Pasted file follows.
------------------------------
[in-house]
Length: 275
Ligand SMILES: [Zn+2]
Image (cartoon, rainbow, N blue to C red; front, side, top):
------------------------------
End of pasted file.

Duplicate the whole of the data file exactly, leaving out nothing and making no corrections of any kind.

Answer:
[in-house]
Length: 275
Ligand SMILES: [Zn+2]
Image (cartoon, rainbow, N blue to C red; front, side, top):